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Mindfulness in Uncertainty

The world is an overwhelming place right now, and we understand how hard it has been to focus on anything besides the COVID-19 pandemic. You may be feeling that things seem uncontrollable, but during this time it’s important to hone into the things you can control.  Remember the weight of social distancing, self-care practices, and your compassion towards yourself, and others. We know the practice of mindfulness is needed now more than ever, so here are a few new tips to add to your daily routines during this time of uncertainty. 

  • Write, write, write 

Grab a notebook and jot down your feelings, just as they are. Use this time to feel and acknowledge without judgement, a key component in mindfulness. Studies have shown the many benefits to journaling, including stronger memory, communication, better sleep and even a stronger immune system. Journalling doesn’t have to be regimented and can include simple things such as asking yourself how you’re feeling in that moment, or even a list of five things that bring you joy.

  • Practice gratitude, every day

There are so many benefits of practicing gratitude, including enhanced empathy, better sleep, improved self-esteem and mental strength. As a challenge, exchange moments of self-pity for recognizing what you have to be grateful for. You can choose simple things, like a kind text from a friend or your much-needed cup of coffee. One of my favourite ways to practice gratitude is to have a “gratitude buddy” and to check in every day with five things you are each grateful for. A great exercise to keep you both accountable and reflective. 

  • Breathe 

The breath is a powerful tool to help bring stability and grounding to your present moment. Taking a few minutes to do a short meditation can bring an immediate change to how you’re feeling. A few rounds of mindful breathing or a formal meditation practice each day can help to rebalance your nervous system, tone down the fight-or-flight response and help to make better-reasoned responses and decisions. You can follow the GIF above, or check out these short meditative practices

  • Move mindfully

It’s important for both our bodies and mind to stay active during this time. Whether it’s connecting with the soles of your feet when you walk (a great way to quickly ground yourself during the day!) or following an at-home workout, do your best to move your body. Here is an at-home mindful movement practice to help you get started.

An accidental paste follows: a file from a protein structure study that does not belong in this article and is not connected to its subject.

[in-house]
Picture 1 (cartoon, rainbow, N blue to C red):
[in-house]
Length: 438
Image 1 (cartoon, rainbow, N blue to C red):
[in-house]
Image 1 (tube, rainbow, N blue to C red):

• Intake media mindfully

 

 

 

 

While it’s important to stay informed, it’s also important to pay attention to how much media you’re consuming. During this time of social-distancing, set timers for yourself to ensure you’re being mindful of your social media, news and overall technology use. When connecting with a friend or loved one, perhaps set a challenge to keep current news out of the conversation. It’s alright to take a break, your minds and body will thank you for it.

  • Connect with a community

Now is the time to reach out and connect, despite the physical distance. Schedule Skype calls, send a meme, or a text. Take this time to especially check in with anyone who may be particularly vulnerable. If you’re looking to join an online community, consider signing up for one of our MSC, MBSR or MBCT courses, which have all been adjusted to online formatting. We also invite you to our free daily meditations on our Facebook page, from Monday to Friday at noon. This short breathing practice will be hosted by one of our faculty members, and are only five minutes in length. 

Whatever feelings may be present at this time, know that you are not alone. We are collectively going through this. We don’t have to panic, or live in fear – we just have to reach a little further in our compassion to keep each other safe. 

Chetna Suri is a writer for the Centre for Mindfulness Studies and is working to connect more individuals to mindfulness-based practices. She’s a previous student of the MBCT, and MBSR programming. Since graduating from the University of Toronto she’s worked as a digital writer and is passionate about mental health advocacy. 

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